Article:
Monday, November 04, 2013
The new innovation, called UltraHaptics, uses an array of ultrasonic transducers to generate a complex set of sound waves. The array is phased--like the best new-generation military radar systems--so that sound waves generated by each sensor arrive at a chosen point in space at the same time. When enough ultrasound waves are focused on a point above, say, a tablet's surface they can generate a definite sensation in a human fingertip thanks to the high sensitivity of the nervous system.
Through a series of tests and experiments, the researchers have shown that they can create individual haptic feedback points that are finer than a user can sense. This means in theory that if you combine a number of these points then you should be able to generate very complex and subtle force feedback sensations, something akin to running one's finger over a slight edge on an onscreen UI button--as if it were a real, raised surface. Since the effects are generated by an array of transducers, this also means they're not localized to the near vicinity of the transducer itself (as in existing phone buzzers) and can thus deliver feedback for very large screens.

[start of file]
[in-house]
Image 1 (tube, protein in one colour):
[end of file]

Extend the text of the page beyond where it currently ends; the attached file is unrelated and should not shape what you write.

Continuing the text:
More @ Co.Labs